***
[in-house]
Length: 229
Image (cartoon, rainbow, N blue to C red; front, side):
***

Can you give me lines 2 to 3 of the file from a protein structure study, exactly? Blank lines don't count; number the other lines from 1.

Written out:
Length: 229
Image (cartoon, rainbow, N blue to C red; front, side):